The articles in the collection date from the signing of the Oslo Accords in September 1993 to the end of 1998. However, they do not constitute a political history of the period, or even trace political developments during the period. Rather they are a series of snapshots of life in the West Bank and Ghazzah (where Usher is based), with various essays and interviews woven in. Their main interest is that they provide considerable empirical information on the real situation in Palestine, and often a human element behind the political developments. By and large, also, he aims to show a Palestinian perspective, perhaps to balance the Israeli angle which is invariably highlighted in the western news presentations.
Usher’s strengths are his representations of ordinary life for Palestinians under Israeli rule and under the equally oppressive rule of Yassir Arafat’s PLO. His evocation of Palestinians’ hopes, passions and fears is rare indeed for a westerner. He has also managed to convey a sense of the dilemma facing Palestinians opposed in principle to the peace-process but forced to choose between 1 percent of the cake now or none at all for the foreseeable future.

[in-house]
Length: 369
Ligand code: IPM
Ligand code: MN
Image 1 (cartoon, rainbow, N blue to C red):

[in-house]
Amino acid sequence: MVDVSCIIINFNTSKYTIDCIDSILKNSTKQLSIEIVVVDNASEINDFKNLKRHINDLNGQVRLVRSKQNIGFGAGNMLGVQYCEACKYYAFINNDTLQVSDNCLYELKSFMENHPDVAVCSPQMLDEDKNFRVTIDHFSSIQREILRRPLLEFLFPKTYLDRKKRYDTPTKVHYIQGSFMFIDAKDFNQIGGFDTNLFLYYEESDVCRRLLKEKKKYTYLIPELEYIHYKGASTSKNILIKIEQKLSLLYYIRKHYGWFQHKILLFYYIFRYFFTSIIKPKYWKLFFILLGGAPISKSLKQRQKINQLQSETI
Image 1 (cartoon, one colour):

Another interesting aspect of the book is his interviews with various Israeli figures, including Shimon Peres, historian Ilan Pappe, and Aryeh Deri, leader of the religious Shas party. These may have been intended to balance the presentation somewhat, but in the context of other articles they create a sense of the the situation and the enemy that the Palestinians are facing.
Less successful are his pieces on the Islamic movement. Hamas and Hizbullah both get extended essays. These are excellent on fact and detail, but by no mean sympathetic. There is also a chapter entitled ‘The Politics of Atrocity’, which unfortunately pays only lip-service to Israeli terrorism - with a passing reference to Baruch Goldstein - before discussing Hamas operations as ‘terrorism’ with little attempt to correct their usual distorted portrayal. This is perhaps inevitable; Usher is a rare westerner with genuine sympathy for the Palestinians’ plight; but that doesn’t make him the slightest bit sympathetic to Islam or the Islamic movement.